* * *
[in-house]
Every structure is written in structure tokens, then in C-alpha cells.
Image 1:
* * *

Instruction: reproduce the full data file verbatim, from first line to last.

[in-house]
Every structure is written in structure tokens, then in C-alpha cells.
Image 1: